Blast from the past: Elektron Machinedrum SPS-1

(Image credit: Future)

In the 1980s, drum machines were ubiquitous. Initially available only to the moneyed few, as the cost of computer tech plummeted, so did the price of drum machines new and used, allowing access to all. 

Eventually, sequencer-equipped sample-playback ‘workstations’ would push the drum machine out of the limelight, and by the 1990s, they were seen as little more than metronomes and practice aids for would-be guitar heroes.

It was, therefore, something of a shock when up-and-coming Swedish outfit Elektron followed up its popular SidStation synthesiser with a dedicated – and decidedly electronic – drum machine in 2001. Dubbed the Machinedrum SPS-1, it would reshape what a modern beatbox could be, even while wearing its influences proudly on its brushed aluminium sleeve.

With the Machinedrum, the emphasis was squarely on the ‘machine’. While it was perfectly capable of producing realistic drum sounds (especially in the sampling UW incarnation), the patterns were very much ‘on the grid’, placed there not by finger drumming on the velocity-sensitive pads of most machines, but via clacking and decidedly insensitive buttons splayed across the panel’s lower edge.

While such archaic note entry would have been universally panned by those who were seeking out so-called ‘real’ rhythms, it was ideal for dance and IDM musos. Those same musicians lapped up the Machinedrum’s realistic recreations of x0x-style beatboxes that, while digitally derived, could be made to sound very much like the real thing.

Better still, they were just the tip of the iceberg, as the SPS-1 also offered another four synthesis methods, each one with a unique subset of ‘machines’ dedicated to specific types of drum sounds (bass, snare, etc). In turn, each machine had its own unique set of tweakable parameters.

The aforementioned x0x-like TRX synth was joined by the FM-based EFM engine; the physical modelling PI synth; a 12-bit sample-playback synth in the form of E12; and the utilitarian GND, used to generate noise or sine waves, as well as allowing the inputs around the back to be routed and processed.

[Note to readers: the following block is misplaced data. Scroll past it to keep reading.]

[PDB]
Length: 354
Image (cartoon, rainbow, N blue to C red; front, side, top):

In 2005, the SPS-1UW brought two more machines that helped realtime sampling and playback of user waves. As well as the user-assigned machine, the Machinedrum’s 16 tracks offered EQ, sample-rate reduction, filtering, LFOs and effect sends.

All of this would earn the Machinedrum favour, but there was one more very important feature that pushed it over the top. Known as ‘parameter locking’, it allowed users to define the states of a vast number of synthesis and effects parameters for each step of a sequence. This meant that no two steps needed sound even remotely alike.

The Machinedrum was continually updated and occasionally upgraded by Elektron, eventually ending its lengthy lifespan in 2016 as the Machinedrum SPS-1UW+ MkII, which brought increases in power, pattern length, and onboard storage space.

Elektron still makes drum machines, though these days, they’re largely based on analogue and/or sampling. The company is rightly proud of the Machinedrum. 

Three great plugin alternatives

AudioSpillage Elektroid

(Image credit: Future)

While few plugins are going to be as fully-kitted out as the Machinedrum, some offer a similar combination of synthesis and sampling. Elektroid is one example, with four different synthesis models and drag-and-drop sample support, plus a built-in sequencer and effects. Their DrumSpillage 2 offers more models, but ditches the sampling.

Rob Papen Punch

(Image credit: Future)

Again, Rob Papen Punch isn’t going to replace Elektron’s beatbox classic, but it provides a healthy selection of sampled sounds and combines them with some rather powerful drum-based synthesis. User sample support is also here. Additionally, there’s a slightly unusual layered sequencer and a comprehensive effects section to spice things up. 

iZotope BreakTweaker

(Image credit: Future)

The most expensive of our group, BreakTweaker is the one that arguably comes closest in spirit to the power of the Machinedrum’s groundbreaking sequencer. Produced in collaboration with one-time trance darling BT, BreakTweaker’s sequencer offers oodles of control over the synthesised drum sounds, plus some clever timing options. 

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